You have watched your olive tree flourish throughout the warmer weather (if the UK weather delivers on its promise of summer that is!) but with the arrival of autumn and winter, you are no doubt concerned as to how your olive tree will survive the colder season.
While an olive tree is an extremely hardy plant if it is subjected to conditions which are particularly harsh it can be left with a number of health problems, leading it to unfortunately die.
Position away from the elements
Native plants are able to withstand the UK climate, but those which are not may struggle to cope with the conditions, and require additional protective measures. While olive trees are able to cope with temperatures that are -10 °C and above, cold, harsh winds can be particularly damaging.
This is one of the reasons that olive trees should be positions in an area which provide suitable wind protection, as freezing temperatures combined with wind can penetrate the bark causing it to split, as well as cause leaf drop and dieback. Ideally, you should position your olive tree in a south or west facing direction, away from northern and easterly winds if possible.
Move potted plants indoors
If you have olive trees in pots, then you have the flexibility to move it indoors to shelter it from the cold weather. However, ensure that when you make the move it is not too drastic for the plant – what this means is that you should not go from a cold temperature to one which is overheated too quickly, as this can damage the plant.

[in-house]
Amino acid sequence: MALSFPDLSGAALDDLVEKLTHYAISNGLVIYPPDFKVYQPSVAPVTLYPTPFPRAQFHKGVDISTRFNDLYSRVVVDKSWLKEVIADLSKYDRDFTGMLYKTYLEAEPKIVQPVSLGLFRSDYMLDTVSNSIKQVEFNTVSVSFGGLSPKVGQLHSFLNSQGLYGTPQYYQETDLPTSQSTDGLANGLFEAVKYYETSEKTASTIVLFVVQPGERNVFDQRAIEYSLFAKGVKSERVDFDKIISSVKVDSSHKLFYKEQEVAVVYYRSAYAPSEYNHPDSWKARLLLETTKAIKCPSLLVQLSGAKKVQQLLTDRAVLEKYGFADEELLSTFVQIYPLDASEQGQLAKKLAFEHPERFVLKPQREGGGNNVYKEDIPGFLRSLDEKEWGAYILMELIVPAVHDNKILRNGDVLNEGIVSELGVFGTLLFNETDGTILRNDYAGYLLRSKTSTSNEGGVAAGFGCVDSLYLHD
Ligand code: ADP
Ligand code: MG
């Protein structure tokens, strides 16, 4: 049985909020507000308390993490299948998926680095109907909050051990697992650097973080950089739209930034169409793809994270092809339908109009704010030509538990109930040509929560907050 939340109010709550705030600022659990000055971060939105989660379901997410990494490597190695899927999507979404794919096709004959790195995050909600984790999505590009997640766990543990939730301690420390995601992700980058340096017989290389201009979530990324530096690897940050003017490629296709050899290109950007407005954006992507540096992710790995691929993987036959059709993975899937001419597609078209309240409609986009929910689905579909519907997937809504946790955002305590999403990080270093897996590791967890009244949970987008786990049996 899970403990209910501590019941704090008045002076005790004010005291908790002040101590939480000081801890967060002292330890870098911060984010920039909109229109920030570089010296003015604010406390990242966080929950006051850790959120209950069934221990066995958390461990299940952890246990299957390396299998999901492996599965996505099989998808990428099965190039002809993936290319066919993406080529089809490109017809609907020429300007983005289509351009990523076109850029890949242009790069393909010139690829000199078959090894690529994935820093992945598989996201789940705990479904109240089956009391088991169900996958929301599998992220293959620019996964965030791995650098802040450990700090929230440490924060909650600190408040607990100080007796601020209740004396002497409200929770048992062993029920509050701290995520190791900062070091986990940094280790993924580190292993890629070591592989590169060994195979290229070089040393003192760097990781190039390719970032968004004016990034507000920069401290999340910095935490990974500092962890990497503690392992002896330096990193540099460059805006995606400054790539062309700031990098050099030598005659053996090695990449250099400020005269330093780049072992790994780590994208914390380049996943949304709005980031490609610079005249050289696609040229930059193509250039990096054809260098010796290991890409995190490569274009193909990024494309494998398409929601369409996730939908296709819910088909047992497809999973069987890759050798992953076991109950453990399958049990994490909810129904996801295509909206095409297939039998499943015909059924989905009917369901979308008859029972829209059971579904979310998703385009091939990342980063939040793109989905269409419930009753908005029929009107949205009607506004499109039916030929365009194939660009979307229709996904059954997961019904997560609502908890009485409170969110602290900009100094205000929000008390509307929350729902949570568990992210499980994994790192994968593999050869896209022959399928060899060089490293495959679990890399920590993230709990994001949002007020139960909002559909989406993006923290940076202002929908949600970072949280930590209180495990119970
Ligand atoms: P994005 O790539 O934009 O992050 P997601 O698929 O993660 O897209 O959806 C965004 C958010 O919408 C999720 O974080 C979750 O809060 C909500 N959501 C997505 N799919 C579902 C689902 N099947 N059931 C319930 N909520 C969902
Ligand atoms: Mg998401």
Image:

It’s also advised that you do not attempt to heat the plant, as this can cause it to drop its leaves. Olive trees like to be frost-free, but they still need a cool, dry climate in winter to survive – and especially if you are planning on producing fruit, as they require two months of cold weather to improve flower and fruit production.
Olive trees that are in pots, can be left outside until late September, early October, and should then be brought inside until the beginning of May. However, check the weather forecast and assess the impact that it could have on your plants if you don’t move the plant outside or inside on those recommended dates – as you may find that May is too early, and early October too late for example. A cold conservatory, porch which has good natural light or a greenhouse are all suitable to house an olive tree during winter.
Use fleece protection
Wrapping your plant in horticultural fleece from December through to February (or longer if cold weather persists) will shield it from freezing temperatures and winds. As the fleece traps an air layer underneath it, it is kept a degree higher than the outside temperature, keeping your plant warm.
Measure the diameter of your plant to assess which size fleece bag you require, or how much you need from a fleece roll. You should then place this over the top of the olive tree and pull it downwards until it has covered the stem of the plant. You can then secure this with some string at the bottom so that it remains in place.
Avoid frozen root balls
If roots become damaged, they will struggle to recover and cause the olive tree to die as they become unable to take in water and suffer from drought. As such, olive trees which are planted in the ground require well-drained soil to avoid them from becoming waterlogged, especially in periods where rainy weather occurs.
For plants which are potted, you can add a layer of fleece to the pot exterior to provide additional warmth if you are unable to move it inside.
Prevention is better than cure, as in most cases there is sadly no cure that will remedy your olive tree, therefore keep these tips in mind to ensure that your olive tree can thrive and remains healthy for another year. Contact us if you need advice or view our other care tips and tricks.